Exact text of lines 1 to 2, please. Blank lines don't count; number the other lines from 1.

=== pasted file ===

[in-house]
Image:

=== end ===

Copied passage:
[in-house]
Image: